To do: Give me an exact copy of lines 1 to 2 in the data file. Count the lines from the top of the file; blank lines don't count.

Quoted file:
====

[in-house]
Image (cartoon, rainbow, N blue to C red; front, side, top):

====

[in-house]
Image (cartoon, rainbow, N blue to C red; front, side, top):